Archive for November 2005
Monday, November 28, 2005 [Tweets] [Favorites]
John Vlissides, co-author of the extremely influential Design Patterns book (among many other publications), died Thursday after a long struggle with cancer (via Lambda). The c2 wiki has a page of remembrances from people who knew him.
I read the GoF book in 1996 and thought it was a revelation. I’ve since realized that much of the fuss was about breaking the shackles of C++. Yet it still had an enormous impact on the industry, and it deserves to be part of the canon because of the vocabulary it established.
Monday, November 21, 2005 [Tweets] [Favorites]
Rich Siegel explains Bare Bones’ widely misunderstood haxie alert:
On the one hand, there’s Unsanity (the developers of APE) and their third-party developers, who are just trying to make a living by serving a market need. On the other hand, there are the application developers, many of whom have observed an uptick in tech-support volume (and its associated costs) as the result of interactions with haxies. And on the gripping hand, there are the customers, who want the capabilities offered by haxies (and thus enabled by the installation of APE), and who have every right to expect a stable and functional operating environment.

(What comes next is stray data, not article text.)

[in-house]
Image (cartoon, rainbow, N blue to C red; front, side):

Thursday, November 17, 2005 [Tweets] [Favorites]
Adam Knight shows how to reduce the amount of time that you have to hold down the mouse button before you can drag text (via Erik Barzeski).
Wednesday, November 16, 2005 [Tweets] [Favorites]
Rob Griffiths (via Pierre Igot):
Once Tiger hit the streets, however, I was less than impressed with the real-world usability of Spotlight, as I discussed in this entry on my personal blog. When I wrote that entry back in May, I focused a fair bit on the interface and the performance. Now that I’ve had several months to adjust to using Spotlight, I’m ready to follow-up with some additional observations gained over the last six months, and some recommendations on what I’d love to see in “version 2.0” of Spotlight. But before that, let’s revisit a few of my first impressions of Tiger’s search technology.